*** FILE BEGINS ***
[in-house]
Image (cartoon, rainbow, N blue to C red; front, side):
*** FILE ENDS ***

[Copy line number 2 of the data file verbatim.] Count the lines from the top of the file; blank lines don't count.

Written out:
Image (cartoon, rainbow, N blue to C red; front, side):